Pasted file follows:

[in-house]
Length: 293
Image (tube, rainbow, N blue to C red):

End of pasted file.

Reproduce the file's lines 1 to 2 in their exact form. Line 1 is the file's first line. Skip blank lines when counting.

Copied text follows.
[in-house]
Length: 293